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So I gave up on the one program because all it did was overload the new/delete/malloc/free functions and operators. My problem is not with a new/delete call (of course not, that would be too simple). In fact, no where in my code do I call new or any other allocator. All my dynamic data is stored in vectors and hash_multimaps.

If you look at the first 2 memory errors that occur, the first is an invalid write to 0x0130000 or whatever. The second is an invalid read from 0x2. Just 2. Which leads me to believe that I using a certain data structure that begins with a 2 byte variable and is followed by another 2 byte variable or is packed to 1 or 2. [I actually do pack almost all of my structures because I send them over the network]. But as far as I can see, the only way I'm accessing memory at 0x2 is by acquiring a null ptr to a structure with a member starting 2 bytes into the structure.

I've been asserting that my ptr's are not null and now I'm returning from the function if my ptr's are null (because asserts don't work in release).

It is possible that the error is not in my code, but I doubt it because the prog locks up right when the clients connect.

Anyways, more suggestions are always welcome.

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So hind-sight is 20/20. I've heard that enough. The solution was to duplicate my Release build (where the prog. broke), then slightly increase typechecks and debug info on that build. This build deemed, "MyDebug" didn't take long to narrow down the exact compiler setting that causes the bug. The problem is I'm not sure how to fixe it.

The compiler setting is "Basic Runtime Checks:" The possible values are, stack frames, unititialized vars, none, or both. When I put this on "Stack Frames", I'm assuming it will check all stack frames and correct on-the-fly.

So I'm guessing my problem is that I'm corrupting the stack somewhere. I do do a bit of recursion, but nothing too hard (at least not for me).

Suggestions?

[Edited by - blaze02 on March 7, 2006 10:00:23 AM]

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Well.. here it is. The bane of my existence for the past 12 hours.


void jMsging::NatPunch(const SOCKADDR_IN * sockaddr)
{
int oldTTL, TTL = 2, size;

getsockopt(thesocket, IPPROTO_IP, IP_TTL, (char*)&oldTTL, &size);
setsockopt(thesocket, IPPROTO_IP, IP_TTL, (char*)&TTL, sizeof(TTL));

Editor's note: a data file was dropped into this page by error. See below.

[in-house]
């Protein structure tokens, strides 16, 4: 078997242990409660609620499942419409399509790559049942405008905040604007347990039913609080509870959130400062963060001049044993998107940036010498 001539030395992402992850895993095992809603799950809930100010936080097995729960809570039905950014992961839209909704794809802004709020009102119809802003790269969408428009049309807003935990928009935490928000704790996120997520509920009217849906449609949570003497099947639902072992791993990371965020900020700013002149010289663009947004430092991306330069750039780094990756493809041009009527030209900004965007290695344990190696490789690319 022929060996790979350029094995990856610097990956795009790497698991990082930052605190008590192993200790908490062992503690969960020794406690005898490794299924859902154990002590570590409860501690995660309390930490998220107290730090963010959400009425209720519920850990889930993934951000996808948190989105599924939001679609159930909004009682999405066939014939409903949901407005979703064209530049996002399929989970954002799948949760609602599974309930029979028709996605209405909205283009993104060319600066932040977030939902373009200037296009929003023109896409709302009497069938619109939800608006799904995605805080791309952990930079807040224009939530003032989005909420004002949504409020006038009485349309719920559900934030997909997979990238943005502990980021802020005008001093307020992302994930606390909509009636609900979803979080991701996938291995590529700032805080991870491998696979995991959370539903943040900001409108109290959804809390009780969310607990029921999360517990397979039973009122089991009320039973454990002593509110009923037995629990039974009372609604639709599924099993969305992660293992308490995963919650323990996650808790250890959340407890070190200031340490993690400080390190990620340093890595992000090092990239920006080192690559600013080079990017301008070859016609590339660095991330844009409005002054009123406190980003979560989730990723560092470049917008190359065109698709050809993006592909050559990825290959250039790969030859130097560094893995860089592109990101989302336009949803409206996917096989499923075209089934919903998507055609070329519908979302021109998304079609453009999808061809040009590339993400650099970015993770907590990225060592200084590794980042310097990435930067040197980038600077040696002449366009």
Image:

Send(0, 0, sockaddr);
setsockopt(thesocket, IPPROTO_IP, IP_TTL, (char*)&oldTTL, sizeof(oldTTL));
}



Seems harmless at first glance. And it was only called one time. Thats all it needed to kick the stack pointer in the balls. A cheap shot for the lock up.
So this is how you punch through a NAT with UDP. You lower the ttl, send a zero-byte packet, then up the ttl. Can you see the problem?

getsockopt is used for a variety of options, that is why oldTTL must be typecast to a char*. The problem is that the (size) param is an in/out variable. Much like the recvfrom() network call. People ask why the value has to be a pointer to a size. The answer is that size is not only the size of the value loaded into oldTTL, but also the maximum size that can be loaded in. (size) must be initialized to sizeof(oldTTL) to get rid of the bug.
Final thoughts: why is getsockopt trying to load MORE than 4 bytes into oldTTL just because the size said it could. TTL ranges from 0 -> 255. How was it using more than 4 bytes.

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That's a silly assumption anyway. What if size somehow ended up being 0? Then it wouldn't set any bytes and oldTTL would end up containing garbage. You have to set size to something to make sure that doesn't happen, and if you're going to do that, you might as well set it to the correct value.

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Quote:
Original post by smart_idiot
That's a silly assumption anyway. What if size somehow ended up being 0? Then it wouldn't set any bytes and oldTTL would end up containing garbage. You have to set size to something to make sure that doesn't happen, and if you're going to do that, you might as well set it to the correct value.


That was the problem. I said that I fixed it by initializing size to sizeof(oldTTL).